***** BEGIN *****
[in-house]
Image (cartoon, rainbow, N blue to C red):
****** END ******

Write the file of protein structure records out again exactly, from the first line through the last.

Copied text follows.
[in-house]
Image (cartoon, rainbow, N blue to C red):